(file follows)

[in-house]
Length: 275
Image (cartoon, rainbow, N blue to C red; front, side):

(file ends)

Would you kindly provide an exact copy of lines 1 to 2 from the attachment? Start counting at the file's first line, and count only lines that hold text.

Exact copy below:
[in-house]
Length: 275